The picture above showing us getting things ready gives an idea of the size of the payload package and more or less what the parachute looks like. The payload package is made of several disks of thick styrofoam material, while the parachute is 6 feet in diameter and is made of red and blue rip-stop nylon. The cameras are mounted on the side, top, and bottom, and the wire antenna is about 2 feet long. It’s all held together with duct tape, string, and other reinforcing material.
Once released the balloon followed a path that took it southeast from Kauffman Stadium toward my home in Lee’s Summit. We were following the balloon descent in cars while tracking it in real-time and were just passing through Lee’s Summit on Highway 50 when we lost the signal. We spent a lot of time driving around south of the area where we lost the signal, and also closer to the Quarry near Lee’s Summit and Lake Lotawana but were unable to spot anything from the road. We drove around the latter area because the winds that day were blowing from the southeast and it is possible that the payload did not make it to its calculated landing spot south of Lone Jack, MO. I even flew over the area with a local pilot in a small plane but was unable to spot anything.
Given the wooded areas surrounding the calculated landing sites it is possible that the payload, antennas, and parachute got caught in a tree. And after this much time the parachute colors may have faded.
Balloon Kam Search
Here is where the search comes in. Google Earth has updated the imagery for this area with the images in higher resolution and are as recent as this past September 2 2012. This means it is possible that the parachute and payload may be spotted from scanning the Google Earth display. This screen capture shows the detail one can see from an altitude setting of around 700 feet. It is possible to zoom down even further before the image becomes too pixelated and still see detail.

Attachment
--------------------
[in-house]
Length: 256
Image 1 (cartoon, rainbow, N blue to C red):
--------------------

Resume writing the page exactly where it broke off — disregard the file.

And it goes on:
This graphic shows the original flight path as calculated the morning of the flight. The blue color indicates the ascent and the red color is the descent. The payload may have landed anywhere within the circles or somewhere along the descent path. Or it may be somewhere between this area and west toward the new possible landing spots. The winds were out of the southeast and blowing toward the west-northwest direction.
To help in the search here is a link to a small file that may be downloaded and opened with Google Earth. It shows the possible landing locations after the flight path calculations were redone using different algorithms and weather data from the actual flight time as opposed to the weather data we used from the morning of the launch. If a location is suspected as a possible sighting use a ‘push-pin’ to mark its location. Then either save this as a Google Earth file and e-mail to me, or e-mail me the coordinates.
Click here to go to the Qué tal in the Current Skies web site for more observing information.